Another issue is incomplete metering, which hinders energy accounting and encourages power thefts. State discoms need to take steps to prevent theft and pilferage of power. Further, distribution infrastructure in many states is weak and dilapidated, and needs a major overhaul. There are several inefficient thermal power plants, especially state owned, which results in frequent shutdowns. The main problem is that much of transmission and almost all of distribution is controlled by the state governments as electricity is a concurrent subject in the constitution. State governments tend to take decisions electorally and not from the point of view of the economy of the power sector. Any compulsion by the centre such as demanding an LC will not solve the problem. There is a need to ensure that the state governments control distribution in such a manner that the discoms are not rendered unprofitable and short of cash. One way is for the state governments to reimburse the subsidies that discoms are asked to give. Also, the efficiency of discoms must improve universally. This might happen if bankers demand better governance. Discoms could also ask for more remunerative tariffs to improve operations.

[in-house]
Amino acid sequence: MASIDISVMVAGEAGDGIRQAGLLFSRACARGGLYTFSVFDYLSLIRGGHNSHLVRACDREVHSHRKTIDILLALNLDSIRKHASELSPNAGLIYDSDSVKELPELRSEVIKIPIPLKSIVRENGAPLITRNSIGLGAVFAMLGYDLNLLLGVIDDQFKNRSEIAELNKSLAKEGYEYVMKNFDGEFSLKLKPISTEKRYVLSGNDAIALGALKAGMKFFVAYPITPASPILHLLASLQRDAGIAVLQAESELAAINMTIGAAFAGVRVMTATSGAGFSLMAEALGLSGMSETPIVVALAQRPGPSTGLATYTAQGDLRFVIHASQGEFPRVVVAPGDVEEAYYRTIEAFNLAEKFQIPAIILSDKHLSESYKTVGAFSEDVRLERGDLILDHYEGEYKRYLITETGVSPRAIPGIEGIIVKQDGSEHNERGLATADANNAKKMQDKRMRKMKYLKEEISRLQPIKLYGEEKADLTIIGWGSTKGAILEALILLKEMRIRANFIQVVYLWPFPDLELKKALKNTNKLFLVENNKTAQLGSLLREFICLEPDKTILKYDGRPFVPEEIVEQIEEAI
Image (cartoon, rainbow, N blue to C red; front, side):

Prabhajit Sarkar

The biggest challenge for the country has been the accumulated losses of discoms. This has been affecting the overall growth of the power sector. Since discoms play the crucial role of meeting the power requirements of consumers, their financial turnaround is essential for attracting investments in the sector and improving consumer services. The sector can be sustained only if discoms remain viable. This can be achieved with a reduction of losses, improvement in collection efficiency and elimination of commercial losses, shift to prepaid metering and energy accounting. The commercial viability of discoms is essential for attracting future investments in the sector.